Ugly Betty will wrap up the final season on April 14th. The hour-long dramedy had been on the air since 2006, when the world was first introduced to the Suarez family and the staff at fictional fashion magazine Mode. This season also saw a huge milestone, as the fashion-obsessed, super-fey Justin was finally given his coming out moment (complete with a dance! And an adorable first kiss). Our sister site Defamer has already discussed the significance of television's recent spate of gay teens, but the celebration of his coming out - and the way in which it is greeted - is a milestone for gay rights. Jarett Barrios, president of the Gay & Lesbian Alliance Against Defamation, told AP that the storyline reminds viewers that "a gay teen is also a son, a nephew, a grandson." He continued, "as a man who is both Latino and gay (and a father), I liked the show because it depicted really my own experience and that of so many others in the United States."
But as Richard pointed out, gay teens are having a bit of a moment right now. Unfortunately, Latino families are not. Ugly Betty was one of the few shows on television to center around an immigrant family. "Having this family at the center of the show made it normal to watch a Latino family in a non-stereotypical way," wrote America Ferrera in an email about the show's cancellation. Lisa Navarrete, a vice president for the National Council of La Raza, points out: "You don't have a lot of Latino-themed shows on TV, so when we lose 'Ugly Betty,' we will have a major loss." Nararrete praises the immigration plot lines, which, despite its sillyness, showed a reality not often seen on prime time TV.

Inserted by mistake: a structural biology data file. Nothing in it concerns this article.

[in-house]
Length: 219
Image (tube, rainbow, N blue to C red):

Ugly Betty also had one more thing going for it: it was a show built around a strong female character and focused primarily on her work and family, not her sex life. While there were some annoying things about the show (pretending America Ferrera is anything close to ugly got really old, really fast), it featured characters that are often relegated to the role of sidekick or stereotype. And that is probably the greatest loss. But like Ferrera, we can be thankful that Betty was even given a chance; "In Hollywood there's a certain role that women fill, and it's usually to be eye candy. I'm pretty lucky that I've gotten to play parts that - like Betty - ask what a woman has to offer if she's not perfect and beautiful," she told Time.